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Society for Technical Communication, Inc
The Fall Board Meeting
The STC Board of Directors met in Winnipeg, Manitoba, Canada, September 14-17 and covered a great deal of ground, including:
These major issues were addressed along with the "regular" STC business of, among other subjects, chapter affairs and program areas, including research, SIGs, professional development, competitions, conferences, communications, and external affairs. Because this article has to be relatively brief, these subjects cannot be described in detail. Several of them could easily be main topics of articles. It took the board 2.5 long days to deal with them. So, please contact me if you have any questions.
Committee and Program Updates
The board authorized the STC office to conduct a membership drive using the services of a professional marketing company. STC will become an affiliate member of the World Wide Web Consortium (W3C). The annual fee for this is $5,000. W3C determines standards for Web-based communication, among other wide-ranging concerns of specific interest to STC.
The board acknowledged three new chapters approved by the Executive Council over the summer:
The Instructional Design & Learning Special Interest Group (SIG) was approved with an initial budget of $1,900. Denver, Colorado, will be the location of the 52nd STC Annual Conference in 2006. Minneapolis, Minnesota, will be the location of the 53rd STC Annual Conference in 2007. Freya Winsberg of the Phoenix Chapter was appointed program manager for the 50th STC Annual Conference (Seattle, 2003).
The Conference registration fee for members for the 48th STC Annual Conference in Chicago in 2001 will be $420. The discounted rate for speakers will remain $350. Edward Carbrey, Boston Chapter, was appointed manager of the Jay R. Gould Award Committee. Dale Erickson, Lone Star Chapter, was appointed manager of the New Media Delivery Systems Committee in the Communications area.
Jon Baker, Boston Chapter, was named manager of the New Media Publications Committee in the Communications area. This gives Region 1 representation.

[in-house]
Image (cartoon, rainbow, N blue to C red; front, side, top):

Jack Molisani, Los Angeles Chapter, was named manager of the Chapter and Regional Conferences Committee in the Chapter Affairs area (2nd Vice President).
Amy Burdan, Hoosier (Indiana) Chapter, was named manager of the Scientific Communication SIG. Roy Hartshorn, Toronto Chapter, was named manager of the Canadian Curricula in Professional Development Committee in the Professional Development area.
Merit Grants and Loans to Chapters
A merit grant of $3,000 USD was awarded to the Central New York Chapter to implement a comprehensive revitalization/growth plan.
A merit grant of $3,000 USD was awarded to the Mid-South Chapter to build its scholarship fund.
A merit grant of $3,000 USD was awarded to the Atlanta Chapter to build its scholarship fund.
A merit grant of $1,200 USD was awarded to the Hoosier Chapter to develop the Insight Award to recognize Indiana corporations and organizations that innovatively use the skills and capabilities of their technical communicators.
A multichapter loan of $6,000 USD was given to the Mid-Valley and Willamette Valley Chapters to host the Region 7 conference in Portland, Oregon, in October 2001.
A merit grant of $3,000 USD was awarded to the Alberta Chapter to construct a portable display to be used at the all-Canada Smart 2000 Conference and Exposition in November 2000, and at regional professional, educational, and community events.
A merit grant of $2,070 USD was awarded to the Alaska Chapter to construct a portable display for use at regional professional, educational, and community events across Alaska.
A chapter loan of $3,000 USD was given to the Los Angeles Chapter to seed a multichapter, self-sustaining technical publications, online communication, and art competition in Southern California.